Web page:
A decade after environmental scientists integrated high-throughput sequencing technologies in their toolbox, the genomics-based monitoring of anthropogenic impacts on the biodiversity and functioning of ecosystems is yet to be implemented by regulatory frameworks. Despite the broadly acknowledged potential of environmental genomics to this end, technical limitations and conceptual issues still stand in the way of its broad application by end-users.

In addition, the multiplicity of potential implementation strategies may contribute to a perception that the routine application of this methodology is premature or “in development”, hence restraining regulators from binding these tools into legal frameworks. Here, we review recent implementations of environmental genomics-based methods, applied to the biomonitoring of ecosystems.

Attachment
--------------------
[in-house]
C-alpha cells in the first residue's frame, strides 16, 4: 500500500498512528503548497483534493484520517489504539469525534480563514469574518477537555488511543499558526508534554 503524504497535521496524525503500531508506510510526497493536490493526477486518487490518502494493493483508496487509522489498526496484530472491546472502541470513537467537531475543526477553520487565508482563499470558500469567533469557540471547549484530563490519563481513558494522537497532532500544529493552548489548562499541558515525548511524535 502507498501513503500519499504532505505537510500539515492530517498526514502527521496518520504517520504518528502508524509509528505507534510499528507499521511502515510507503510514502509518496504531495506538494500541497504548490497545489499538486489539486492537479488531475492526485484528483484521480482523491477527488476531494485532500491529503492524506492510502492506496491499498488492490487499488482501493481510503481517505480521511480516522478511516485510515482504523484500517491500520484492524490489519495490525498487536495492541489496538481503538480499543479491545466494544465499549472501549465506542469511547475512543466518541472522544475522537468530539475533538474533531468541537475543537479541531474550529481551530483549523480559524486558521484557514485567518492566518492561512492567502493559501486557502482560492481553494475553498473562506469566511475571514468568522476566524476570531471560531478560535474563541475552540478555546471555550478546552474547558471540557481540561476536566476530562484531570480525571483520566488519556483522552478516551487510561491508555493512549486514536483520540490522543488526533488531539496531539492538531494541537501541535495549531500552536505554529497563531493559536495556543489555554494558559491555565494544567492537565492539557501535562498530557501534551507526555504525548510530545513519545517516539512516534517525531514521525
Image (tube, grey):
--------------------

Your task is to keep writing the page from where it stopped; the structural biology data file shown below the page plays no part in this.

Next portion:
By taking a general overview, without narrowing our perspective to particular habitats or groups of organisms, this paper aims to compare, review and discuss the strengths and limitations of four general implementation strategies of environmental genomics for monitoring:

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